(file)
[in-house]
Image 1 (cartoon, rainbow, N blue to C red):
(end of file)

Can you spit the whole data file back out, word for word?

[in-house]
Image 1 (cartoon, rainbow, N blue to C red):